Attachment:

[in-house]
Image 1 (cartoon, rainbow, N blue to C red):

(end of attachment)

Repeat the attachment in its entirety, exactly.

[in-house]
Image 1 (cartoon, rainbow, N blue to C red):